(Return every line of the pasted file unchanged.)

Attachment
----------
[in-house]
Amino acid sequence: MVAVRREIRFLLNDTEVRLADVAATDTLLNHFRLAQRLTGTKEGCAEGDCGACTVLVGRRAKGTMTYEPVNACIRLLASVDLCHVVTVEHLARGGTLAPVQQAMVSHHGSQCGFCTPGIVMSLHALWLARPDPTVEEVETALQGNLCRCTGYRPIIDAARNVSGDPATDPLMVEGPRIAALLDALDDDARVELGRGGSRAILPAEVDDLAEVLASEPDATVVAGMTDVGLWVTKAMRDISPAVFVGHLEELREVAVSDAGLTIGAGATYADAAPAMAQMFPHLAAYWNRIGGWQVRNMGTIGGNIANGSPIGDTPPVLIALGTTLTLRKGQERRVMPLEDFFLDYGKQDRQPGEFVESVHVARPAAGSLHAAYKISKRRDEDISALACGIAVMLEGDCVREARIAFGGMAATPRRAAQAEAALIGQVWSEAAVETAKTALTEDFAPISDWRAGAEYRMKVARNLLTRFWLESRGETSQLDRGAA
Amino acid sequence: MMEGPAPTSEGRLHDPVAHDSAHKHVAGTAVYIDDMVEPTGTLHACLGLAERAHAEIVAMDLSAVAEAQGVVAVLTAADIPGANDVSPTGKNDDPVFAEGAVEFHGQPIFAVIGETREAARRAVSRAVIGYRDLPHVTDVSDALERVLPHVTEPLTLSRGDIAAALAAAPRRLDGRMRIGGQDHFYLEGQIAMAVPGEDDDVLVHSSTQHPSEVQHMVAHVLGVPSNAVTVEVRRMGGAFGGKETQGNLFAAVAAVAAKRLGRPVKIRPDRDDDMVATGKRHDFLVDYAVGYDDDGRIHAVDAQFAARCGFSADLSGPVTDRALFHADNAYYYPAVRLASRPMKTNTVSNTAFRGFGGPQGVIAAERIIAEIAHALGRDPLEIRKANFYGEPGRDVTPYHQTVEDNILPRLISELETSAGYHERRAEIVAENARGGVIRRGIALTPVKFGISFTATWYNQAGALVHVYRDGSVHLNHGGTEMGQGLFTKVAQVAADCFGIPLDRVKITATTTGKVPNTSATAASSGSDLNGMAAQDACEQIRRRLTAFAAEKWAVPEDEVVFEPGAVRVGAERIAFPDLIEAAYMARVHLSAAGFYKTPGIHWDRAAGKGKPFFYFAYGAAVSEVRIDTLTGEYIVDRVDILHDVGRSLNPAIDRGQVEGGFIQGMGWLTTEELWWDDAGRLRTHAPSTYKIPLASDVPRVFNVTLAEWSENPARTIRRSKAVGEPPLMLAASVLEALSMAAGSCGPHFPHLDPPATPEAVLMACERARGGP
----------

[in-house]
Amino acid sequence: MVAVRREIRFLLNDTEVRLADVAATDTLLNHFRLAQRLTGTKEGCAEGDCGACTVLVGRRAKGTMTYEPVNACIRLLASVDLCHVVTVEHLARGGTLAPVQQAMVSHHGSQCGFCTPGIVMSLHALWLARPDPTVEEVETALQGNLCRCTGYRPIIDAARNVSGDPATDPLMVEGPRIAALLDALDDDARVELGRGGSRAILPAEVDDLAEVLASEPDATVVAGMTDVGLWVTKAMRDISPAVFVGHLEELREVAVSDAGLTIGAGATYADAAPAMAQMFPHLAAYWNRIGGWQVRNMGTIGGNIANGSPIGDTPPVLIALGTTLTLRKGQERRVMPLEDFFLDYGKQDRQPGEFVESVHVARPAAGSLHAAYKISKRRDEDISALACGIAVMLEGDCVREARIAFGGMAATPRRAAQAEAALIGQVWSEAAVETAKTALTEDFAPISDWRAGAEYRMKVARNLLTRFWLESRGETSQLDRGAA
Amino acid sequence: MMEGPAPTSEGRLHDPVAHDSAHKHVAGTAVYIDDMVEPTGTLHACLGLAERAHAEIVAMDLSAVAEAQGVVAVLTAADIPGANDVSPTGKNDDPVFAEGAVEFHGQPIFAVIGETREAARRAVSRAVIGYRDLPHVTDVSDALERVLPHVTEPLTLSRGDIAAALAAAPRRLDGRMRIGGQDHFYLEGQIAMAVPGEDDDVLVHSSTQHPSEVQHMVAHVLGVPSNAVTVEVRRMGGAFGGKETQGNLFAAVAAVAAKRLGRPVKIRPDRDDDMVATGKRHDFLVDYAVGYDDDGRIHAVDAQFAARCGFSADLSGPVTDRALFHADNAYYYPAVRLASRPMKTNTVSNTAFRGFGGPQGVIAAERIIAEIAHALGRDPLEIRKANFYGEPGRDVTPYHQTVEDNILPRLISELETSAGYHERRAEIVAENARGGVIRRGIALTPVKFGISFTATWYNQAGALVHVYRDGSVHLNHGGTEMGQGLFTKVAQVAADCFGIPLDRVKITATTTGKVPNTSATAASSGSDLNGMAAQDACEQIRRRLTAFAAEKWAVPEDEVVFEPGAVRVGAERIAFPDLIEAAYMARVHLSAAGFYKTPGIHWDRAAGKGKPFFYFAYGAAVSEVRIDTLTGEYIVDRVDILHDVGRSLNPAIDRGQVEGGFIQGMGWLTTEELWWDDAGRLRTHAPSTYKIPLASDVPRVFNVTLAEWSENPARTIRRSKAVGEPPLMLAASVLEALSMAAGSCGPHFPHLDPPATPEAVLMACERARGGP